Let’s look at your son’s circumstances generally and then return to the bullying issue: You mention that he has “a slight learning disability” and is “not doing well.” How are you and the school approaching this learning issue? While we certainly want to see him – and every child – “taught in the right way,” do we know what that right way is for him? He may need more specific instruction than the classroom teacher is trained to offer; he may need the services of a special educator, someone with the expertise to ascertain his specific learning challenges and help him acquire the skills to succeed academically.
You seem opposed to the interventions the school is offering. It sounds like the first step to helping your son is to define his learning disability and formulate a plan that helps him in specific, concrete ways that can be assessed and evaluated. A good plan will include methods of implementation (and that might mean some time working out of the classroom, as well as classroom instruction) and clear guidelines for evaluating the efficacy of the plan. This approach would also include an assessment of what you term his “awkwardness.” Does he need some occupational therapy (OT)? Could he, in fact, gain some self-esteem and sense of competence from a social skills group? Does your school have a learning center and/or a partnership with SHEMESH? (Full disclosure: I am connected with SHEMESH.) That could be a good place to start the evaluation process, with possible referrals to an IEP.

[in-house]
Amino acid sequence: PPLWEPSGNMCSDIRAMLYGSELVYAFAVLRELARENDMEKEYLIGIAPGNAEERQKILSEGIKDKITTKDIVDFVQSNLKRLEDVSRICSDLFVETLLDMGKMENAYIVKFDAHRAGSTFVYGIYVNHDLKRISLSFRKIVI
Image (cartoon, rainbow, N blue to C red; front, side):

While the children who are teasing him are totally responsible for their behavior (more on that soon), as his parents, you and your husband can help him stop being a natural target. He and you can benefit from realizing that the smartest person in the world can have a learning disability that holds him back from reaching his potential, in terms of his academics as well as his social and emotional functioning.
I have a sense that this child is not quite the same as his older siblings – and why would he be? Yet you, as his parents, may be using the same approach that worked with your other children. He may need something a bit more structured compared with the successful “laid back” parenting of your earlier years.